Iceland has two centuries of ice melt to look forward to. At the end, parts of the country may have risen up by several meters.
All surface of the Earth has come from rifting. It has brought ocean floor up from the mantle, and the lighter material that has formed the continents. But there are few places we can see the process in action. Iceland shows how the world was build. In all its complexity.
Plate boundaries, rifts and transforms in Iceland
JÖKULL 58, pp. 35-58 (2008)
The present kinematics of the Tjörnes Fracture Zone, North Iceland, from campaign and continuous GPS measurements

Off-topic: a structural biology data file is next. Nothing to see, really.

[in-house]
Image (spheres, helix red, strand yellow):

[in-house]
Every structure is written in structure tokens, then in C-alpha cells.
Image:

S. Metzger, S. Jónsson, G.J.K. Danielsen, S. Hreinsdottir, F. Jouanne, T. Villemin
Geophys. J. Int., 192, pp. 441–455 (2013)
Glacial rebound and plate spreading: Results from the first countrywide GPS observations in Iceland
T. Árnadóttir B. Lund W. Jiang H. Geirsson H. Björnsson P. Einarsson T. Sigurdsson
Geophys. J. Int. 177, pp 691-716 (2009) https://academic.oup.com/gji/article/177/2/691/2023257/Glacial-rebound-and-plate-spreading-Results-from (open access)
Climate-driven vertical acceleration of Icelandic crust measured by continuous GPS geodesy
Kathleen Compton, Richard A. Bennett, Sigrún Hreinsdóttir
Geophysical Research Letters, 42, pp. 743–750 (2015)